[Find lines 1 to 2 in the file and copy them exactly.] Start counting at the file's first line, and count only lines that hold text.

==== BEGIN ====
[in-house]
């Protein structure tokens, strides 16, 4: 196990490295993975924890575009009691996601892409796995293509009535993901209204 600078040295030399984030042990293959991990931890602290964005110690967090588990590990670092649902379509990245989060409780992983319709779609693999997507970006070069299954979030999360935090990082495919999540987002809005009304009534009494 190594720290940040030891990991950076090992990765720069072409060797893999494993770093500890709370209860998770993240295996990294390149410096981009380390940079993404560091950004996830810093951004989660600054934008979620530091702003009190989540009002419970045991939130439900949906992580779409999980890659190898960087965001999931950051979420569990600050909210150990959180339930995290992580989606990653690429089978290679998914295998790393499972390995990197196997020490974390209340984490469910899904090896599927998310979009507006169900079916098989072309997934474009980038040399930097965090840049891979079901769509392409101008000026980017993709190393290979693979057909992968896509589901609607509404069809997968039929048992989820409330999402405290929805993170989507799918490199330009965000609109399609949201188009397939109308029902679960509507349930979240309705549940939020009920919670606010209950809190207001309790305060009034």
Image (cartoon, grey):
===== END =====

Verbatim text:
[in-house]
């Protein structure tokens, strides 16, 4: 196990490295993975924890575009009691996601892409796995293509009535993901209204 600078040295030399984030042990293959991990931890602290964005110690967090588990590990670092649902379509990245989060409780992983319709779609693999997507970006070069299954979030999360935090990082495919999540987002809005009304009534009494 190594720290940040030891990991950076090992990765720069072409060797893999494993770093500890709370209860998770993240295996990294390149410096981009380390940079993404560091950004996830810093951004989660600054934008979620530091702003009190989540009002419970045991939130439900949906992580779409999980890659190898960087965001999931950051979420569990600050909210150990959180339930995290992580989606990653690429089978290679998914295998790393499972390995990197196997020490974390209340984490469910899904090896599927998310979009507006169900079916098989072309997934474009980038040399930097965090840049891979079901769509392409101008000026980017993709190393290979693979057909992968896509589901609607509404069809997968039929048992989820409330999402405290929805993170989507799918490199330009965000609109399609949201188009397939109308029902679960509507349930979240309705549940939020009920919670606010209950809190207001309790305060009034």